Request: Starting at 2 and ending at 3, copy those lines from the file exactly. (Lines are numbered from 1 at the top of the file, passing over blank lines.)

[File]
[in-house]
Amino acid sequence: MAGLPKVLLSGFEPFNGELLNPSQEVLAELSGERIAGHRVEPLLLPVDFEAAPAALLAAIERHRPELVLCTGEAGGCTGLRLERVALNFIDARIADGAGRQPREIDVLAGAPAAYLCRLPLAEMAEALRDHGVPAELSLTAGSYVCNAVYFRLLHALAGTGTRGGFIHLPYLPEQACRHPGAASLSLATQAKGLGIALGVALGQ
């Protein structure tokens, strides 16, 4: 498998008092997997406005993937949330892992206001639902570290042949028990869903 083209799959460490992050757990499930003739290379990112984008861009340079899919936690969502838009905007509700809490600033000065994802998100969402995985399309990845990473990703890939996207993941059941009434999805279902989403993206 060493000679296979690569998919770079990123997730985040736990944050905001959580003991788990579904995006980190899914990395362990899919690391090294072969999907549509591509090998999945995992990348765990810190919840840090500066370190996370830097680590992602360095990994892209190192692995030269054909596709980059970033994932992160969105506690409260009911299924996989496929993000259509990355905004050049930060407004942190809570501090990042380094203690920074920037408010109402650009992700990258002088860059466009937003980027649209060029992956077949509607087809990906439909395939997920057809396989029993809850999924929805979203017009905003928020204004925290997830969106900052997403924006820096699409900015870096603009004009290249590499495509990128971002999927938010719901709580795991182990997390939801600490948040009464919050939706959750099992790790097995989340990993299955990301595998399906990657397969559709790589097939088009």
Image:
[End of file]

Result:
Amino acid sequence: MAGLPKVLLSGFEPFNGELLNPSQEVLAELSGERIAGHRVEPLLLPVDFEAAPAALLAAIERHRPELVLCTGEAGGCTGLRLERVALNFIDARIADGAGRQPREIDVLAGAPAAYLCRLPLAEMAEALRDHGVPAELSLTAGSYVCNAVYFRLLHALAGTGTRGGFIHLPYLPEQACRHPGAASLSLATQAKGLGIALGVALGQ
């Protein structure tokens, strides 16, 4: 498998008092997997406005993937949330892992206001639902570290042949028990869903 083209799959460490992050757990499930003739290379990112984008861009340079899919936690969502838009905007509700809490600033000065994802998100969402995985399309990845990473990703890939996207993941059941009434999805279902989403993206 060493000679296979690569998919770079990123997730985040736990944050905001959580003991788990579904995006980190899914990395362990899919690391090294072969999907549509591509090998999945995992990348765990810190919840840090500066370190996370830097680590992602360095990994892209190192692995030269054909596709980059970033994932992160969105506690409260009911299924996989496929993000259509990355905004050049930060407004942190809570501090990042380094203690920074920037408010109402650009992700990258002088860059466009937003980027649209060029992956077949509607087809990906439909395939997920057809396989029993809850999924929805979203017009905003928020204004925290997830969106900052997403924006820096699409900015870096603009004009290249590499495509990128971002999927938010719901709580795991182990997390939801600490948040009464919050939706959750099992790790097995989340990993299955990301595998399906990657397969559709790589097939088009």